Autism Gets Better: First on a series on What Worked for Ian (WWI)

I started this newsletter as a way of documenting the post-high school life of my autistic son, Ian. Finding the right place for my younger son was a full time job last year. After talking with consultants, filling out government paperwork, listening to webinars, writing legal briefs with lawyers, attending school meetings, and touring new programs, I placed Ian in a great programthat supports and challenges him in just the right way. 

Because Ian is in a good place right now, I’m taking a breather from transition efforts both in real life and on this newsletter. In real life, I’m cranking up work. I’m taking freelance writing assignments and working on my side hustles. I just completed my substitute teaching certificate and will help out at the local high school to balance out all my time in front of a computer. 

I’m also going to switch gears a bit on this newsletter and look backward, instead of forward. I’m going to talk about lessons that I’ve learned about autism and parenting over the past twenty years. Today’s topic is something that autistic parents all know and assure the younger parents on the playground — they get better.

Read more at The Great Leap, the newsletter

2 thoughts on “Autism Gets Better: First on a series on What Worked for Ian (WWI)

  1. Here’s a Chronicle article on college programs for autistic students:
    I’ll include a few quotes in case you hit a paywall. Sounds like there is a good program at Western Kentucky University.

    “Each year, tens of thousands of students diagnosed with autism spectrum disorders graduate from high school, many with aspirations to attend college. Yet only about 100 colleges, most of them four-year institutions, have standalone programs for those students, according to an analysis by members of the College Autism Network. On average, the programs reach just 38 students each. More than a dozen states have no college at all with a program.”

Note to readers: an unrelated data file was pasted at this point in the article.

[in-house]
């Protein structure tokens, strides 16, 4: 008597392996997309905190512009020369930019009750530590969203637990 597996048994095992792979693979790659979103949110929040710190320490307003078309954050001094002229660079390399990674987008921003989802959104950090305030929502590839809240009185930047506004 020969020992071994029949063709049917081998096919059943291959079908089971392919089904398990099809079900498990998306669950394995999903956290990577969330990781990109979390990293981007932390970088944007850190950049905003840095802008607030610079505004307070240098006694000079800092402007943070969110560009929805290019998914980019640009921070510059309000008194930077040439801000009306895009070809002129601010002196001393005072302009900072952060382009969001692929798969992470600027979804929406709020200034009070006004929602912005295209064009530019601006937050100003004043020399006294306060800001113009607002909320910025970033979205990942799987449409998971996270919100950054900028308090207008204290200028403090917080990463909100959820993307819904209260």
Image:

“The most frequently cited figures come from a 2015 study that drew from a survey conducted in 2009, the National Longitudinal Transition Study-2 (NLTS2). It estimated that 49,000 autistic students graduated from high school in 2014-15, and 16,000 of them pursued postsecondary education within a few years of finishing, the vast majority at two-year institutions.

    Given the striking rise in autism diagnoses in recent years, those numbers are probably much higher today, according to Bradley E. Cox, founder of the College Autism Network and an associate professor of higher education at Florida State University. Extrapolating from several data sets, he estimates that roughly 9,000 first-time, full-time freshmen with autism attend four-year colleges, and as many as 167,000 autistic students are enrolled across higher education.”

    “On average, programs for students with autism charge between $3,000 and $4,000 a year, according to an analysis by the College Autism Network. While that price can put them out of reach for some low-income students, many are able to cover a portion or all the costs with financial aid, scholarships, or state vocational rehabilitation grants. That’s the case at Western Kentucky, where the state pays the full $5,000 cost for 90 percent of students, according to Michelle Elkins, who directs the autism program.”


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